The Apple Snooze Conspiracy

Every morning I wake up to the mellifluous tones of my iPhone alarm. As far back as 2011 it seems that 48% of 16-34 year olds were doing the same – I can only assume that number is even higher today.

So why aren't we talking about the Apple Snooze Conspiracy?

What is this conspiracy I speak of? Well, simply put, it's the promotion of the "Snooze" button on screen vs the tiny placement of the "Stop" button at the bottom of the screen. 

Every morning when the alarm goes off, I reach for the phone, fumbling like a drunken man trying to negotiate the front-door with a set of keys. All I want is for the alarm to stop ringing. But just as crucially, I don't want to hit Snooze. Snoozing doesn't benefit anyone. I want to press "Stop". 

So I tap the infuriatingly small "Stop" text.

The alarm is still ringing. It's overly loud.

So I tap the "Stop" text again.

By now the alarm jingle is entering the second loop of it's performance, over and over and louder and louder.

I revert to my next tactic. Hammering the "Stop" text, over and over and over (a technique which comes in handy if you've ever played Egg, Inc). Yet none of this works. Ever.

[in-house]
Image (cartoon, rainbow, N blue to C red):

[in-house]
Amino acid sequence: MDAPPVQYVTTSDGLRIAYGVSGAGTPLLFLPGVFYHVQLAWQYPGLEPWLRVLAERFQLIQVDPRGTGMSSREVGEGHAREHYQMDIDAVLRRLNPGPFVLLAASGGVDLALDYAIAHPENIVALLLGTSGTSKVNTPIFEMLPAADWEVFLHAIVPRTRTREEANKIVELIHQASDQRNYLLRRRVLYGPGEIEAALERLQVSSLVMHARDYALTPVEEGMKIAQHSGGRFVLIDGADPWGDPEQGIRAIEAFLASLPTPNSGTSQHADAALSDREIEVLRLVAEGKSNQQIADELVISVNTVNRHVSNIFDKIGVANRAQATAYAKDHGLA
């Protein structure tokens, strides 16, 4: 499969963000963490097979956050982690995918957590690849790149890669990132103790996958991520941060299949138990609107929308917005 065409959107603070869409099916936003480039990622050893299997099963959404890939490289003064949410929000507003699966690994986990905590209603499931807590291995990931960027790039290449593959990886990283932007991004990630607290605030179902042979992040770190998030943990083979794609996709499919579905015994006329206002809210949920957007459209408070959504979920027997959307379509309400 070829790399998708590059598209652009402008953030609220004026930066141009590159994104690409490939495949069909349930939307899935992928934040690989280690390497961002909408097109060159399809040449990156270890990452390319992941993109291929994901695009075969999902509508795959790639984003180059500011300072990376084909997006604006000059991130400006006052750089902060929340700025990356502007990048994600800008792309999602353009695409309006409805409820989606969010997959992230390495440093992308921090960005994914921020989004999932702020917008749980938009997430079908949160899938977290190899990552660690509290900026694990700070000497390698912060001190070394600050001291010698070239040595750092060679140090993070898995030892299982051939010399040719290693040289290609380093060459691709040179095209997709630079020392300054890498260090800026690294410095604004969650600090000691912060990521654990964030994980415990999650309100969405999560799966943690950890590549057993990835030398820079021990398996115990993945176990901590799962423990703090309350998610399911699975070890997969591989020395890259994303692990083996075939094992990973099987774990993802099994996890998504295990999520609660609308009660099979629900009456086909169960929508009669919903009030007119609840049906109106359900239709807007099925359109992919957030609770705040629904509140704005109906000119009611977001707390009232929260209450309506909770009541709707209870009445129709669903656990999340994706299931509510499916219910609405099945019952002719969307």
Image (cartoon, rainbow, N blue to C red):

So I just press "Snooze".

This ridiculous cycle is something I (and no doubt a million others) go through every single morning. Why? Because rather than make the "Stop" text into a button with a lovely generous hit-area, they have made it a text-only button. This means the hit area is tiny, and made even smaller by the use of a small font coupled with a short word.

Snooze meanwhile, is a lovely large button. Invitingly placed at the centre of the screen, calling out for you to press it.

It's a conspiracy I tell you.

All this to say; it's all well and good to design a lock-screen which looks great. And it is important. But you can't ignore the real life application of a tool at the expense of it's aesthetic. I do not have fat fingers, so this shouldn't be a challenge each morning, it should be as easy as pressing "Snooze".

As Vitruvius used to say; firmitas, utilitas, venustas.

Tom Wood